Gabb, Timothy P.; Telesman, Jack; Kantzos, Pete T.; Smith, James W.

2005-01-01

280

A two-parameter analysis of S– N fatigue life using ? ? and ? max  

Microsoft Academic Search

The effect of the load ratio, R, or the mean-stress on fatigue life has been recognized for more than a hundred years. In considering the mean-stress effects in the stress-life (S–N) approach, research efforts have been mostly concentrated in establishing correlating functions in terms of the flow stress or yield stress or the ultimate tensile stress, etc., by taking, say,

K. Sadananda; S. Sarkar; D. Kujawski; A. K. Vasudevan

2009-01-01

281

Profiled Roller Stress/Fatigue Life Analysis Methodology and Establishment of an Appropriate Stress/Life Exponent  

NASA Technical Reports Server (NTRS)

The objective of this work was to determine the three dimensional volumetric stress field, surface pressure distribution and actual contact area between a 0.50" square roller with different crown profiles and a flat raceway surface using Finite Element Analysis. The 3-dimensional stress field data was used in conjunction with several bearing fatigue life theories to extract appropriate values for stress-life exponents. Also, results of the FEA runs were used to evaluate the laminated roller model presently used for stress and life prediction.

1997-01-01

282

Grain boundary oxidation and an analysis of the effects of oxidation on fatigue crack nucleation life  

NASA Technical Reports Server (NTRS)

The effects of preoxidation on subsequent fatigue life were studied. Surface oxidation and grain boundary oxidation of a nickel-base superalloy (TAZ-8A) were studied at 600 to 1000 C for 10 to 1000 hours in air. Surface oxides were identified and the kinetics of surface oxidation was discussed. Grain boundary oxide penetration and morphology were studied. Pancake type grain boundary oxide penetrates deeper and its size is larger, therefore, it is more detrimental to fatigue life than cone-type grain boundary oxide. Oxide penetration depth, a (sub m), is related to oxidation temperature, T, and exposure time, t, by an empirical relation of the Arrhenius type. Effects of T and t on statistical variation of a (sub m) were analyzed according to the Weibull distribution function. Once the oxide is cracked, it serves as a fatigue crack nucleus. Statistical variation of the remaining fatigue life, after the formation of an oxide crack of a critical length, is related directly to the statistical variation of grain boundary oxide penetration depth.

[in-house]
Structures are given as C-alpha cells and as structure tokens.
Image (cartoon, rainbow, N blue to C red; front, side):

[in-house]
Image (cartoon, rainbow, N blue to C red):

Oshida, Y.; Liu, H. W.

1988-01-01

283

Fatigue life prediction using a new moving window regression method  

NASA Astrophysics Data System (ADS)

A simple method to assess the safety of metallic structures in the presence of crack-like defects is considered. Linear regression techniques are used to fit fatigue-crack growth (FCG) laws of exponential type with respect to the number of cycles, in FCG experimental results. A moving window regression method is used to accurately predict whether or not the critical crack length region is reached. The probability of fast failure at any time (number of cycles) is formulated in terms of a characteristics defect size exceeding a critical value. The concept of conditional probability of failure is also employed here in order to evaluate the failure rate used in reliability practice. As an illustrative example, an analytical closed-form solution for the failure probability of structures is presented and evaluated using experimental FCG data.

Stavrakakis, G. S.; Pouliezos, A.

1991-07-01

284

Thermal shock and fatigue resistance evaluation of functionally graded coating for gas turbine blades by laser heating method  

Microsoft Academic Search

This paper presents results of thermal shock and fatigue tests conducted on ZrO2-based thermal barrier coating systems under the temperature environments for advanced gas turbines. A CO2 laser heating method was employed to heat two types of cylindrical specimens with conventional two-layer coating and functionally graded coating. Acoustic emission (AE) signals and temperatures were monitored to detect the fracture process

Masahiro Saito; T HASHIDA; H TAKAHASHI; M SAITO

1995-01-01

285

Rolling-element fatigue life of AISI M-50 and 18-4-1 balls